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#2 of 11 OFFLINE   Douglas R

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Posted January 06 2009 - 05:38 PM


#3 of 11 OFFLINE   Simon Howson

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Posted January 06 2009 - 06:09 PM

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#4 of 11 OFFLINE   Richard--W



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Posted January 07 2009 - 04:52 AM

Sam Elliott.
The hogrider dad in Bogdanovich's Mask, co-starred in Gettysburg, played Virgil Earp in the hit Tombstone, did The Incredible Hulk for Ang Lee, and should have been nominated for Best Supporting Actor in We Were Soldiers Once.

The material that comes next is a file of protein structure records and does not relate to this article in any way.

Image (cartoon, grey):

Chapter and verse: in between the two trend-setting and self-absorbed major cities of Los Angeles at the west end of the continent and New York City at the east end of the continent there is a large continent stretching about 3,000 miles wide and roughly 2,000 miles north and south. In this vast expense there is a large population of people, many of whom live in what is commonly known as the American West (yes, it's a real place), and many of whom are very interested in new westerns, westerns that are traditional yet progressive at the same time. The movie industry turns a deaf ear and a blind eye to the middle of the country's interest in westerns. Westerns don't relate to lifestyles of industry players in either of the two major cities, so naturally they assume that the rest of the country can't really be interested, either.* In this vast expanse of country in which nobody is interested in westerns Sam Elliott has earned an enthusiastic and dedicated cult following over the years as the star of a dozen independent and made-for-cable westerns. Audiences recognized the high calibre of his acting chops and the authenticity of his performances as a westerner.